Sunday, January 29, 2023

ISU faculty delays vote after trustee steps in

by Jessie L. Bonner
| November 30, 2010 8:00 PM

BOISE - Faculty leaders at Idaho State University postponed a no-confidence vote on school President Arthur Vailas after a state Board of Education trustee waded into the fray.

Faculty Senate Chair Phil Cole confirmed Monday that the vote was delayed after discussions with board vice president Ken Edmunds, but stressed that faculty leaders were not forced to take such action.

"There's been no demands, or anything of that sort," Cole told The Associated Press.

Faculty leaders earlier this month scheduled a Dec. 6 vote on Vailas and charged the administrator with failure of leadership. Their complaints included gripes that Vailas made budget decisions in secrecy and took credit for their accomplishments in front of the state Board of Education.

Cole said he was later contacted by Edmunds, who asked what it would take to facilitate further conversation between Vailas and faculty at the eastern Idaho university.

Last week, Cole told The AP faculty leaders had postponed the no-confidence vote in hopes the two sides could work out their differences. While some faculty have expressed concerns that the Idaho State Faculty Senate was pressured into delaying the vote, Cole disagrees.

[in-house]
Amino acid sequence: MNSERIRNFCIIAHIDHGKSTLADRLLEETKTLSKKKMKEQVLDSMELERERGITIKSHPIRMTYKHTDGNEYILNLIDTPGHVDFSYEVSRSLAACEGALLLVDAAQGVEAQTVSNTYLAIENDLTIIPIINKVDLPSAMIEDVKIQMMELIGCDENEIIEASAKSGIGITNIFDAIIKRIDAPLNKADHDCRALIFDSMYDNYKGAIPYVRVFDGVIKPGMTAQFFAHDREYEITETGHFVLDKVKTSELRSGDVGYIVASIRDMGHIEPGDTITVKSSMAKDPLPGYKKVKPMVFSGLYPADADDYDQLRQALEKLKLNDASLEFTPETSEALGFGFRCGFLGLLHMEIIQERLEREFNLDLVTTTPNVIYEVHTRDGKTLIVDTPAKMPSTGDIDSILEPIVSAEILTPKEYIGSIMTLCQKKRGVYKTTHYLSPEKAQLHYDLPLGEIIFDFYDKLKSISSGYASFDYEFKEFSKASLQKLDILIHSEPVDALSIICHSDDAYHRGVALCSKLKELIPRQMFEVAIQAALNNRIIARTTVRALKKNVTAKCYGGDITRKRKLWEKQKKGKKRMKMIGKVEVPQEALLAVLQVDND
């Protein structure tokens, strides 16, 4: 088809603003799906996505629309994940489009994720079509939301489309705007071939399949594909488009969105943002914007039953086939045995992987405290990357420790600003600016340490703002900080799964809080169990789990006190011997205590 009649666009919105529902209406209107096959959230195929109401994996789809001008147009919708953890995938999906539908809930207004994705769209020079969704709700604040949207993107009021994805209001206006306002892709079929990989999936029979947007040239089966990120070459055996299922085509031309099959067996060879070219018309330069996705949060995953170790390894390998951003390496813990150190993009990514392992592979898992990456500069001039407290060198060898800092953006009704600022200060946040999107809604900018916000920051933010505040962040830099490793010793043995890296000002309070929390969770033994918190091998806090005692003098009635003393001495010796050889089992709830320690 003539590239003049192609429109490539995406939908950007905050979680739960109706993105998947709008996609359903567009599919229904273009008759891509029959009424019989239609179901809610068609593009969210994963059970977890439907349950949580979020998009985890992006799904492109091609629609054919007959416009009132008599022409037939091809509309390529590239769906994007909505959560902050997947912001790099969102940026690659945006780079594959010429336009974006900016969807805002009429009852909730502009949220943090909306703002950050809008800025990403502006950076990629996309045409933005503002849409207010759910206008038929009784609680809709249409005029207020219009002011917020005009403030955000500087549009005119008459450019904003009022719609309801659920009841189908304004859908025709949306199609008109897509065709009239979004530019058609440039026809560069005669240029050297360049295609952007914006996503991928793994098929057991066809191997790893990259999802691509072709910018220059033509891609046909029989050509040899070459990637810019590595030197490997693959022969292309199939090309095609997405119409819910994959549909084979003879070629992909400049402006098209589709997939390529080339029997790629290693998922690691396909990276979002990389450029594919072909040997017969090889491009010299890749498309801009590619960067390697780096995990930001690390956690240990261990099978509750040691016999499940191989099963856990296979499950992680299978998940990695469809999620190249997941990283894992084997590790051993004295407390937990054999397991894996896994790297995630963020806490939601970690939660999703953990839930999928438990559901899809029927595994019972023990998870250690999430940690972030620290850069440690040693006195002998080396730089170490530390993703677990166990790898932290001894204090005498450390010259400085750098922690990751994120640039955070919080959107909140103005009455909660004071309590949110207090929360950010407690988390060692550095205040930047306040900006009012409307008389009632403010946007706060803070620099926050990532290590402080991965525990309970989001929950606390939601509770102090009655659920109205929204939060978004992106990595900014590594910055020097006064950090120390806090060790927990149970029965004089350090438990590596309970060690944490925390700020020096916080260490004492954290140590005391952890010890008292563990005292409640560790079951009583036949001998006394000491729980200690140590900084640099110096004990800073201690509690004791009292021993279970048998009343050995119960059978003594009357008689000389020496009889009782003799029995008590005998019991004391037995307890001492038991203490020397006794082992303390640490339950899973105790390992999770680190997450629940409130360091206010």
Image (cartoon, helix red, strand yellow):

"I would not characterize it as people forcing us to do one thing or another," he said.

Faculty leaders will meet later Monday to discuss their next steps as they work toward reconciliation.

The meeting will mark the latest chapter in what has become something of a tenuous relationship between faculty and administrators at the second largest public university in the state.

Nearly 70 percent of faculty members cast a no-confidence vote against Idaho State University Provost Gary Olson about eight months ago. But Vailas stood by Olson and said he would keep his job, despite faculty furor over a plan the provost had presented to restructure some campus departments.

Vailas attributed tensions on the Pocatello campus to the poor economy and said he was unsure why Olson, who had hired less than a year earlier with widespread faculty support, faced such opposition.

Such votes are not binding on the Board of Education, which has yet to take official action in the dispute between Vailas and the faculty.

Recent Headlines